Angie: Growing Branches on the Tree of Life
Designing and testing recipes for Tree of Life: Turkish Home Cooking, was only the beginning of a journey into the kitchens and hearts of fans and friends who generously embrace the idea that every recipe has a story. Since the release of the TOL cookbook last February, Joy and I have had the pleasure to share our recipes in our homes and those of friends, old and new, in restaurants and professional cooking class kitchens. Each time, I’m reminded that every recipe DOES have a story. And that each recipe has a life of it’s own. I learned all too soon that a tested and retested recipe might only be a template for other home cooks.
This was brought home to me a few months ago while co-hosting a TOL dinner party with my friend Carole for twelve of her life-long friends. Many people brought wine or a dessert to share, and friend Debra offered to make the Baked Hummus with Pine Nuts, a TOL recipe, for the meze table. It looked beautiful and was still warm from the oven with melted butter and toasted pine nuts on top. “I don’t really like chickpeas,” Debra said while placing the deep Moroccan ceramic dish on a trivet in the middle of the table. “So used the red lentils I had in my pantry.”
“Humm,” I thought. This could be interesting. I took a pita chip and dipped it into the creamy mixture. It was yummy. While the taste was somewhat different, the texture and effect was equal to the traditional version. “You’ve made the recipe your own!” I said. “I love that.”
It was true. If these recipes provide home cooks the confidence to open their pantries and see how they might make adjustments to recipes based on their own preferences and experiences or what they have on hand, that gives me pleasure.
In a hands-on cooking class last month for sixteen people where the menus had been established a month earlier, printed out and placed in front of each pre-set mise en place, we learned that two people were vegans and one gluten-free. The Red Lentil Soup with Bulgur recipe was adjusted on the spot using oil instead of butter, gluten-free flour used for the roux, and a single serving was pulled out before the bulgur was added. The Herbed Bulgur recipe was divided in two with one recipe using butter and the other oil. The filo dessert used vegan butter instead of the real thing. In our opinion (and taste) nothing can replace the rich taste of butter yet each recipe was equally as good as the original recipe and no one noticed that the Apple Filo Pastry was layered with “fake” butter.
This all brings me back to my childhood when I stood on a kitchen chair next to my mother and watched her make pie dough. Flour, lard, and salt were placed in bowl and mixed by hand. Nothing measured. Water sprinkled over the crumbled, pea-sized dough mixture just until it held together. It was done by feel and texture. Soft dough made two perfectly round crusts. Once the pies were popped into the oven, I was given the dough scrapes to roll out and cut into various cookie-cutter shapes. I sprinkled cinnamon sugar over the tops. Every scrap of dough was repurposed into these fun pastry cookies. Mom was a fabulous cook and baker. I don’t think she ever owned a cookbook. Born in 1917, she learned her way around the kitchen from her mother who baked the world’s best pies in a wood fired stove. These were some of the very first farm-to-table cooks.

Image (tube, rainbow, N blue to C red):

As young woman in the sixties and seventies who moved away from the Midwest to sunny, sophisticated California, I wanted entertain guests in my tiny apartments and craved more culinary techniques for the abundant fresh ingredients available to me year around. From the Joy of Cooking I learned the differences between beating, stirring, and folding. From Julia Child’s cooking shows and I absorbed French culinary terms like bain-marie, mirepoix, chiffonade, roux, velouté and béchamel sauces. Steak Diane, Chicken Marbella, quenelles, soufflés and flaming crepe desserts were tried and perfected. The culinary world was my oyster – until I later developed a bi-valve shellfish allergy that is! However, my two first and favorite cookbooks were Edward Espe Brown’s The Tassajaja Bread Book and Tassajara Cooking based on the recipes created by Buddhist monks at the Tassajaja and Green Gulch Zen Centers in Northern California. It was the seventies after all and Brown’s book dedication had me hooked:
“with respect and appreciation
to all my teachers
past, present and future:
gods, men and demons;
beings, animate and inanimate
living and dead, alive and dying.
Rock and Water
Wind and Tree
Bread Dough Rising
are patient with me.”
While sensibly pursuing a business career, cooking was my creative outlet. Travels through Mexico, England, France, Africa and Asia brought home new ideas to recreate the recipes I’d learned in foreign homes and restaurants. I purchased and devoured every Silver Palate and Moosewood cookbooks and swooned over Alice Water’s Chez: Panisse’s unique recipes.
Many cookbook writers who have spent a lifetime and career developing and perfecting recipes might be horrified when a home cook decides to eliminate or change one of their recipe ingredients. The dish no long belongs to them. For good or bad, it belongs to someone else. They have made it their own, with another story.